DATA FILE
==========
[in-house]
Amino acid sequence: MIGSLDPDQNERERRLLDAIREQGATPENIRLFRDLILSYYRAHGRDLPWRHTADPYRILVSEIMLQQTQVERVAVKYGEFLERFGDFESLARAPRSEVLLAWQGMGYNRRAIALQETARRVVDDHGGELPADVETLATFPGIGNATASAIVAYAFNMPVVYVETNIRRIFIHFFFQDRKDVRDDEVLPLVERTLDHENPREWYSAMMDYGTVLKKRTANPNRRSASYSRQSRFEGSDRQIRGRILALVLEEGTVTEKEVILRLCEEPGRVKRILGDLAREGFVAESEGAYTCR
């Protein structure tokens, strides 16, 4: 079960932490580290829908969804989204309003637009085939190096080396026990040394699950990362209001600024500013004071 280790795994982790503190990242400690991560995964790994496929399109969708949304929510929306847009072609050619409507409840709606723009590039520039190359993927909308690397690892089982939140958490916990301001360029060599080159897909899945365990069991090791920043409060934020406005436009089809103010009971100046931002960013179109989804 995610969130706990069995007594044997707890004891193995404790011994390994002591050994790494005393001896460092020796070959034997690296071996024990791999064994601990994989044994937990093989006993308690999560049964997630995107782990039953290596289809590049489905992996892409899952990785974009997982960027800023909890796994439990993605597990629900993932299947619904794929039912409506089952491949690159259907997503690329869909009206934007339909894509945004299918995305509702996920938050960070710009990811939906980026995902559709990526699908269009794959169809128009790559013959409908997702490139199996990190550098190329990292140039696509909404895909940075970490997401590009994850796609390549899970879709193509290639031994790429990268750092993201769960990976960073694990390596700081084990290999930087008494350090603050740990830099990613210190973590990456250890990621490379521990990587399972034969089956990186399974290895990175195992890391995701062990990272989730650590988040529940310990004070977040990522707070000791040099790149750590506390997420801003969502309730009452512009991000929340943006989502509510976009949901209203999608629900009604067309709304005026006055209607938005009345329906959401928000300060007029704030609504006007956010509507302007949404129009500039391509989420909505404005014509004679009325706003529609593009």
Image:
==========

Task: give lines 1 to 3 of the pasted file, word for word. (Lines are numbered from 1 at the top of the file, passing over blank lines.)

[in-house]
Amino acid sequence: MIGSLDPDQNERERRLLDAIREQGATPENIRLFRDLILSYYRAHGRDLPWRHTADPYRILVSEIMLQQTQVERVAVKYGEFLERFGDFESLARAPRSEVLLAWQGMGYNRRAIALQETARRVVDDHGGELPADVETLATFPGIGNATASAIVAYAFNMPVVYVETNIRRIFIHFFFQDRKDVRDDEVLPLVERTLDHENPREWYSAMMDYGTVLKKRTANPNRRSASYSRQSRFEGSDRQIRGRILALVLEEGTVTEKEVILRLCEEPGRVKRILGDLAREGFVAESEGAYTCR
């Protein structure tokens, strides 16, 4: 079960932490580290829908969804989204309003637009085939190096080396026990040394699950990362209001600024500013004071 280790795994982790503190990242400690991560995964790994496929399109969708949304929510929306847009072609050619409507409840709606723009590039520039190359993927909308690397690892089982939140958490916990301001360029060599080159897909899945365990069991090791920043409060934020406005436009089809103010009971100046931002960013179109989804 995610969130706990069995007594044997707890004891193995404790011994390994002591050994790494005393001896460092020796070959034997690296071996024990791999064994601990994989044994937990093989006993308690999560049964997630995107782990039953290596289809590049489905992996892409899952990785974009997982960027800023909890796994439990993605597990629900993932299947619904794929039912409506089952491949690159259907997503690329869909009206934007339909894509945004299918995305509702996920938050960070710009990811939906980026995902559709990526699908269009794959169809128009790559013959409908997702490139199996990190550098190329990292140039696509909404895909940075970490997401590009994850796609390549899970879709193509290639031994790429990268750092993201769960990976960073694990390596700081084990290999930087008494350090603050740990830099990613210190973590990456250890990621490379521990990587399972034969089956990186399974290895990175195992890391995701062990990272989730650590988040529940310990004070977040990522707070000791040099790149750590506390997420801003969502309730009452512009991000929340943006989502509510976009949901209203999608629900009604067309709304005026006055209607938005009345329906959401928000300060007029704030609504006007956010509507302007949404129009500039391509989420909505404005014509004679009325706003529609593009």